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Veri Catholici: An Open Letter to Cardinals Burke and Sarah

Their Eminences, Cardinals Burke and Sarah

The International Association « Veri Catholici » has published this open Letter to the Cardinals, on their twitter feed at @VeriCatholici. I post it here (in its unrolled format) for the sake of those who do not have a Twitter Account.

Here beings the Introduction, with the first paragraph of the Letter subordinated to it:

The rest of the text of the open Letter continues here:

“It’s also evident that canon 124.1 and canon 188 require that the proper object of canon 332.2 be posited, namely the renunciation of the munus, otherwise, in virtue of canon 188, the substantial error of doing otherwise invalidate the act ipso iure!

“Now if a pope should act in violation of Canon 332.2, since in doing so he would injure the rights of the whole Church to know who is and who is not the true Pope, he would have to apply canon 38 derogating from the discrepancy. But Benedict did not do anything of the kind!

“Therefore, he is still the pope, and canon 359 invalidated the Conclave of 2013. Also, on this account, all the Cardinals and Bishops ARE WRONG to reason from their presumption that Francis is the pope toward any conclusion. As he never was. He is an antipope, a usurper.

“Nor can one argue that the Pope, being above canon law, is above Canon 332.2, because that canon enshrines merely the principles of the Natural Law, which are superior to the Pope and from which he CANNOT dispense!

“One aspect of which is the semiotic law, whereby the being of a thing cannot in a forensic act be rite manifestatur by a term which signifies an accident of it.

“Take this example. A pope has the habit of calling the burden of his work, Bananas. And one day while shaving says, I am renouncing Bananas. Can the Cardinals lawfully proceed to elect another, if the Pope says nothing more? No, because Bananas is not a due term for a legal act.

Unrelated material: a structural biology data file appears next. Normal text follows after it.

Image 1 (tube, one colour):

“Even if he said, I am renouncing bananas, during a solemn Consistory of the Cardinals, they could not proceed to elect another. Not even if he commanded them or allowed them explicitly to do so, because until he says I renounce the Papacy, Christ does not remove the office!

“These Cardinals also need to recognize that the criteria employed to determine validity in contractual law is not the same in beneficiary law. For in contractual law, as is used in Annulments evidence regards whether there was a right intention, this is principal.

“But in beneficiary law, which regards bequests, the intention has no force, what matters is only the verbal signification of the act of bequest. Renunciations fall under beneficiary law, not contractual law. This is the fundamental legal error of the Cardinals and bishops.

“For just as it is impossible for anyone to be the Pope unless he succeeds to the Chair of Peter, the office, so it is impossible for anyone to renounce the Papal Office unless in a forensic act there is an explicit renunciation of that office.

“The case is analogous to property law, wherein no one is the rightful owner of the same single property, until the one who holds the property rights renounces them in a legal act. Renouncing only the usufruct (ministerium) does not grant the title to the successor in law.

How usurpation of the Papacy leads to the excommunication of the participating Cardinal Electors and Bishops

by Br. Alexis Bugnolo

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Canon 359 expressly withdraws authority from the College of Cardinals to elect a Pope, when the Papal Office is still retained by another: there being no sede vacante. To call a conclave when there is still a true Pope, thus, is illicit. To elect another is to participate actively and immediately in the crime of the usurpation of the Papal Office.

Usurpation is the crime whereby someone without a legitimate claim, lays hold upon or claims an office which is not his.  In the 1983 Code of Canon Law, Usurpation is discussed under several canons, usurpation of office in canon 1381.